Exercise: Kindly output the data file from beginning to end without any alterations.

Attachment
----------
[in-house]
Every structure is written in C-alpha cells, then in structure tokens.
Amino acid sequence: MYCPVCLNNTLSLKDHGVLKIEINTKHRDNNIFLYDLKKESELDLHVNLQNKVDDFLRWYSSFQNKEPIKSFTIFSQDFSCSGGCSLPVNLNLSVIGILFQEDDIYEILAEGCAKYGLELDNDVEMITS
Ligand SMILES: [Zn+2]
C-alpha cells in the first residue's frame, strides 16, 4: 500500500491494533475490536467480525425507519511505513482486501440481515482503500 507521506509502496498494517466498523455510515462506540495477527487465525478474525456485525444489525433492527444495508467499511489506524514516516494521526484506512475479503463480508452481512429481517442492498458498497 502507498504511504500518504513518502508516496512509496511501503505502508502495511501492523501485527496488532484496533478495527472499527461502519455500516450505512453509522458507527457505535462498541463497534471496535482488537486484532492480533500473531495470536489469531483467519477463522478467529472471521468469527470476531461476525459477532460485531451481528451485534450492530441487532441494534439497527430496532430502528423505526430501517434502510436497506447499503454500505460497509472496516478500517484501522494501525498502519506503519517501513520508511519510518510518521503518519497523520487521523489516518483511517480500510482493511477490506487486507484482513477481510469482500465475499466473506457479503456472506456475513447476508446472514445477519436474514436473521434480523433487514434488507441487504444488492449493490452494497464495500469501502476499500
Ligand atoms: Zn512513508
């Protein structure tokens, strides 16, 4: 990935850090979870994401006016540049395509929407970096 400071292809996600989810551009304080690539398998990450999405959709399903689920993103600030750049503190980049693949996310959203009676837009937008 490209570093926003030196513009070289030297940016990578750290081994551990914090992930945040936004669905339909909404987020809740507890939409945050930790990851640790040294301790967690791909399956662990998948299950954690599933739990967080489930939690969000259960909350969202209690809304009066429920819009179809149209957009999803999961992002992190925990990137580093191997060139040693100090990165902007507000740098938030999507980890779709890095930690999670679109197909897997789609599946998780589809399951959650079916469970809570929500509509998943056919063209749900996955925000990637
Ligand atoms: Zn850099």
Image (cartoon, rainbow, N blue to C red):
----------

[in-house]
Every structure is written in C-alpha cells, then in structure tokens.
Amino acid sequence: MYCPVCLNNTLSLKDHGVLKIEINTKHRDNNIFLYDLKKESELDLHVNLQNKVDDFLRWYSSFQNKEPIKSFTIFSQDFSCSGGCSLPVNLNLSVIGILFQEDDIYEILAEGCAKYGLELDNDVEMITS
Ligand SMILES: [Zn+2]
C-alpha cells in the first residue's frame, strides 16, 4: 500500500491494533475490536467480525425507519511505513482486501440481515482503500 507521506509502496498494517466498523455510515462506540495477527487465525478474525456485525444489525433492527444495508467499511489506524514516516494521526484506512475479503463480508452481512429481517442492498458498497 502507498504511504500518504513518502508516496512509496511501503505502508502495511501492523501485527496488532484496533478495527472499527461502519455500516450505512453509522458507527457505535462498541463497534471496535482488537486484532492480533500473531495470536489469531483467519477463522478467529472471521468469527470476531461476525459477532460485531451481528451485534450492530441487532441494534439497527430496532430502528423505526430501517434502510436497506447499503454500505460497509472496516478500517484501522494501525498502519506503519517501513520508511519510518510518521503518519497523520487521523489516518483511517480500510482493511477490506487486507484482513477481510469482500465475499466473506457479503456472506456475513447476508446472514445477519436474514436473521434480523433487514434488507441487504444488492449493490452494497464495500469501502476499500
Ligand atoms: Zn512513508
């Protein structure tokens, strides 16, 4: 990935850090979870994401006016540049395509929407970096 400071292809996600989810551009304080690539398998990450999405959709399903689920993103600030750049503190980049693949996310959203009676837009937008 490209570093926003030196513009070289030297940016990578750290081994551990914090992930945040936004669905339909909404987020809740507890939409945050930790990851640790040294301790967690791909399956662990998948299950954690599933739990967080489930939690969000259960909350969202209690809304009066429920819009179809149209957009999803999961992002992190925990990137580093191997060139040693100090990165902007507000740098938030999507980890779709890095930690999670679109197909897997789609599946998780589809399951959650079916469970809570929500509509998943056919063209749900996955925000990637
Ligand atoms: Zn850099």
Image (cartoon, rainbow, N blue to C red):